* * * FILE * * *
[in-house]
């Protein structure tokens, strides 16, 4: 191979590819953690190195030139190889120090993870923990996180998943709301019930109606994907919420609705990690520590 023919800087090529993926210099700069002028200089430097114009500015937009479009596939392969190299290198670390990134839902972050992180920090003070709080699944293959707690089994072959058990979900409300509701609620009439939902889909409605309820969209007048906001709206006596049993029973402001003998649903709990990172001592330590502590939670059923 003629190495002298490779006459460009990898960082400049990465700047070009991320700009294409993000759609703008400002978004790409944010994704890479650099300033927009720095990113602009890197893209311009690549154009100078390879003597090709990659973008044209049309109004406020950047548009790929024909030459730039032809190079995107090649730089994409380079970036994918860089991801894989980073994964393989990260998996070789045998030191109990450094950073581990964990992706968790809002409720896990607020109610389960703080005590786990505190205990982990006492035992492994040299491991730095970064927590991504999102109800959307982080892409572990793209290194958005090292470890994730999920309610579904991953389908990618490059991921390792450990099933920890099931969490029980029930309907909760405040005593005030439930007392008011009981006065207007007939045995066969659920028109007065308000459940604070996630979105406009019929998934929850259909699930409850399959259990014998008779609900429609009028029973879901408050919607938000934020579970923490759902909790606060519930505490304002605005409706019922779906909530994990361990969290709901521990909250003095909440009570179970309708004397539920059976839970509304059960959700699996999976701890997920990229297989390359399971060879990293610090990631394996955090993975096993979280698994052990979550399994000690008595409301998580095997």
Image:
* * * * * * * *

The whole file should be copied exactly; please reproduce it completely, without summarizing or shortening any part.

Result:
[in-house]
């Protein structure tokens, strides 16, 4: 191979590819953690190195030139190889120090993870923990996180998943709301019930109606994907919420609705990690520590 023919800087090529993926210099700069002028200089430097114009500015937009479009596939392969190299290198670390990134839902972050992180920090003070709080699944293959707690089994072959058990979900409300509701609620009439939902889909409605309820969209007048906001709206006596049993029973402001003998649903709990990172001592330590502590939670059923 003629190495002298490779006459460009990898960082400049990465700047070009991320700009294409993000759609703008400002978004790409944010994704890479650099300033927009720095990113602009890197893209311009690549154009100078390879003597090709990659973008044209049309109004406020950047548009790929024909030459730039032809190079995107090649730089994409380079970036994918860089991801894989980073994964393989990260998996070789045998030191109990450094950073581990964990992706968790809002409720896990607020109610389960703080005590786990505190205990982990006492035992492994040299491991730095970064927590991504999102109800959307982080892409572990793209290194958005090292470890994730999920309610579904991953389908990618490059991921390792450990099933920890099931969490029980029930309907909760405040005593005030439930007392008011009981006065207007007939045995066969659920028109007065308000459940604070996630979105406009019929998934929850259909699930409850399959259990014998008779609900429609009028029973879901408050919607938000934020579970923490759902909790606060519930505490304002605005409706019922779906909530994990361990969290709901521990909250003095909440009570179970309708004397539920059976839970509304059960959700699996999976701890997920990229297989390359399971060879990293610090990631394996955090993975096993979280698994052990979550399994000690008595409301998580095997």
Image: